Sunday, December 28, 2014


Elizabeth Rozanski, DVM, a specialist in emergency and critical care at the Cummings
School, has this advice for owners worried about canine influenza:
“Don’t panic. The flu in people and dogs has high morbidity - many get sick - but it
has very, very low mortality.”As of this writing, outbreaks of the virus, which began in horses and crossed to racing Greyhounds and other dogs, have been identified in a half dozen states, including
Florida, New York and Washington. Few deaths from complications, such as pneumonia,
have been reported.However, owners should limit their dog’s exposure the same as they would with any other infectious disease, Dr. Rozanski said. “Avoid high volume boarding kennels and
pet store puppies. Very old, very young dogs and immunosuppressed dogs - from chemotherapy, diabetes or prednisone - are at risk. Dog parks should be fine. They tend to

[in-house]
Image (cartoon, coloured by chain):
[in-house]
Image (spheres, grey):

cater to dog lovers who take good care of their dogs.”
The signs are coughing, sneezing, nasal discharge and loss of appetite. Treatment                              consists of supportive care. Assessing the public health impact, Dr. Rubin Donis of the Centers for Disease Control and Prevention said in a briefing that horses have had equine
influenza virus for more than 40 years. “In all these years, we have never been able to
document a single case of human infection with this virus.”
Said Dr. Rozanski:“The informed owner will recognize this is a minor crisis unlikely, except in rare circumstances, to cause problems.”
Updated information appears regularly

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